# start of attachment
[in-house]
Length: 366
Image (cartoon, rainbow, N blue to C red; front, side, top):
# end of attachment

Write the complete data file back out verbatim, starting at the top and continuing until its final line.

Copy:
[in-house]
Length: 366
Image (cartoon, rainbow, N blue to C red; front, side, top):